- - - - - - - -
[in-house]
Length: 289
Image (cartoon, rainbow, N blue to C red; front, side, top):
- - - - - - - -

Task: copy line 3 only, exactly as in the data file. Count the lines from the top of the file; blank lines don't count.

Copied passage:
Image (cartoon, rainbow, N blue to C red; front, side, top):